either share the good news, or thank them for the reminder.
5. Adjust, adjust, adjust. You can't know
how realistic your goal is until you actually try to accomplish it. If eating
lunch away from your desk every day isn't possible, adjust your goal to one
day. Then, go back to step 4 and secure lunch plans with a colleague every
What has been your experience with goal-setting? What's your
In a recent Harvard Business Review article, Dov Seidman observes that we’re moving into a human economy. Having once been an agrarian economy and then an industrial economy, followed by an information economy, we now are transitioning into a human economy where successful employees leverage their creativity, passion, character, and collaborative spirit.
Seidman quotes Peter Drucker (Effective Executive, 1967) in support for committing to values and connecting with purpose in the workplace. He describes Drucker as being ahead of his time. I think he was simply more attuned to his people than the flavor of his time.
Successful leaders throughout the 20th century valued the human element. Look at Jim Collins’ list of top CEO’s and you’ll find several who built long-lasting organizations that valued their people more than their profit.
What they recognized is that – be it agrarian, industrial, information or human – each was an economy, i.e., “a system of interaction and exchange.” Regardless of what commodity is being traded, it’s people that perform the interactions and exchanges. It’s people that make any economy tick.
Seidman also points out that the systems are changing. Business and organizational policies and practices are valuing the human element more, and business schools are also attending more to developing so-called “soft skills.”
More and more, institutions are recognizing what many business writers keep claiming: it’s all about relationships. It’s true now, and it has been true for decades. Perhaps mainstream leadership thought is catching up with this.
One of the joys of working at ONEplace is the opportunity to meet and talk with a variety of people: from long-term nonprofit leaders to those incubating start-ups; from seasoned board members to neighborhood advisory councils; from funders sitting on millions of dollars to social entrepreneurs sitting on a single idea. From all these discussions and more, I’ve realized one undeniable fact:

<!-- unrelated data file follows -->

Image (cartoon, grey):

Each person brings a critically important contribution to the discussion.
This is not about asking “Who’s not at the table?” or making sure the discussion includes “representative voices.” This is about recognizing that every discussion is ill-informed because voices will always be missing. It’s also about making the effort to go beyond representative voices and seek out, invite, and create an environment safe enough for each critically important perspective to be raised.
We’re doing this on a few fronts, at ONEplace and in community centers. It takes time – sometimes years – to get acquainted and develop readiness, and then more time to build trust. But, as they say, “In five years it will be 2019 either way, so we might as well start.”
Posing open, honest questions that draw out the diversity of perspectives brings new light to the matter at hand. Just as light from one angle illuminates only part of a structure and casts shadows on other parts, light from many angles removes the shadows and illuminates the whole.
And, when I catch a glimpse of the whole, I realize the specious nature of the phase, “people in need.”
Rather, I desire to participate in the diverse circle which hosts people we need. In this circle, there is no teacher or student, no grantor or grantee, no provider or client. In this circle, each person claims, “There are eyes that see things I don’t see, ears that hear sounds I don’t hear, and hearts that bear burdens I don’t bear.”
Until every light shines, unencumbered, we’re all left in the dark.
When we think of organizational values, words like honesty, integrity, and service generally surface. Generosity is not commonly listed, unless it's United Way campaign time.
Yet, in the book, Change Anything, the authors give a nod to generosity when they discuss getting one’s career on track. Identifying what separates the best from the rest, they list three things: know your stuff, focus on the right stuff, and build a reputation for being helpful.